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BY JAMES J. MESSINA, PH.D. & CONSTANCE MESSINA, PH.D.

chapter 12

TOOLBOX FOR PERSONAL GROWTH Becoming Vulnerable What is vulnerability? Vulnerability is: • Feeling of being exposed to emotional hurt, being taken advantage of, or abused. • Feeling of being fragile, weak, or susceptible to emotional pain and suffering. • Feeling of being trapped or imprisoned in a situation where your feelings and rights are ignored. • Opening of oneself to the possibility of being taken advantage of by another person in a relationship. • Relating of your innermost feelings and fears to others with the possibility that they might use such feelings and fears against you. • Opening of yourself to the possibility of growing as a person in your emotional and spiritual dimensions. • Allowing of oneself to search and probe the past for hidden or unresolved emotions, feelings, or grief responses that lie at the root of current immobilized emotions, feelings, or actions. • Trying out of new behavior traits, attitudes, or beliefs in the pursuit of personal growth. • Unrelenting pursuit of truth and clarity about self through the requesting, encouraging, and welcoming of honest feedback about oneself, even if such feedback is negative. • Willingness to take chances and try new experiences, challenges, or activities even though the outcome is unsure. Way of the Heart

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Why do people avoid being vulnerable? Some reasons include: • Basic self-survival • Basic insecurity and lack of self-confidence • Lack of trust in self and others • Fear of the unknown or of uncharted waters • Lack of forgiveness and inability to forget past hurts, injustices, and pain • An overwhelming need for personal privacy and confidentiality, (illustrating insecurity) • Denial, unresolved grief, self-deceit, lack of personal awareness, or refusal to face life the way it is. • Discomfort with change, lack of acceptance of change, and unwillingness to change • Unwillingness to unmask one’s true emotions or reactions to life • Lack of acceptance of self for who I am, what I am able to do, and who I am able to be

How does the avoidance of vulnerability manifest itself? • Constantly being on the offensive, attacking, blaming, or correcting others; keeping the spotlight on others and off themselves. • Avoiding participation in any form of “helping’’ situation, such as an emotional support group, individual, or family counseling. • “Looking good’’ and wearing a mask of “strength’’ and “togetherness.’’ • Pleasing or placating others to keep their true moods, feelings, or pain from being probed. • Closing others out or shutting down themselves to put emotions on the rocks, freezing themselves. • Silence, a lack of feedback to others, non-communicativeness, keeping true feelings hidden. • Lacking emotional language, lacking the ability to tune into their own feelings of discomfort in emotionally laden conversations. • Shyness, a hesitancy to meet new people, being a ``wall flower’’ in social gatherings due to fear of rejection or fear of disapproval. • Resistance to change, to altering habitual patterns of behavior, or to looking at things in life from a different perspective. • Playing games that involve knowing the rules of body language in every form of social interaction, with the resultant performance of routines and scripts that fit the ``game.’’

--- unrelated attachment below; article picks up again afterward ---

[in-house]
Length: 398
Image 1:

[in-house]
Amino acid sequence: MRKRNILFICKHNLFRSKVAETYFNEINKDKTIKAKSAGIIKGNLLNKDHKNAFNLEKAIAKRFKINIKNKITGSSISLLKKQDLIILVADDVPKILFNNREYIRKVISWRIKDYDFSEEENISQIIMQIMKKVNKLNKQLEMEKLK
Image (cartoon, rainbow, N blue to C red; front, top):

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What are some beliefs of people who avoid being vulnerable? • • • • • • • • • • • • • • • • • • • • •

Never let anyone know how you feel! Always be strong in your interactions with others! Men never cry! Being over-emotional is a feminine trait that leads to becoming an hysteric! I am never going to let my guard down again! I may be down, but I’ll never let them know it! I have been hurt by others in the past... I’ll never let others hurt me again! Spilling the beans (of my emotions) is always risky business! You are bound to get hurt if you open yourself up to another person. Dragging up the past serves no purpose. It is nobody’s business how I feel! No one should have the right to probe into my emotions or feelings! Nothing can help me overcome the pain I feel! I mind my own business and expect others to mind their own business! The old way of doing things is the best way! Maintain the status quo! Trust no one! I have no problems and even if I did, I’d never tell anyone! There is nothing to be gained by my breaking down emotionally! No one respects a weak person! I don’t care how you live your life & I expect you to not care how I live mine.

What are some benefits of vulnerable behavior? Being open to new possibilities in life enables you to explore your options more freely and to gain insight into the healthiest and most productive, growthenhancing alternatives for yourself. Being helped through a support group or counseling situation enables you to gain assistance, helping you cope with your life and circumstances that have had some emotional impact on your mental health adjustment. Opening yourself up to ``new’’ social circumstances enables you to meet new people who have the potential of becoming true emotional supports. Not always pleasing or placating others, letting them see your negative side, enables you to feel less responsible for everyone else’s welfare and takes the sense of burden out of your life.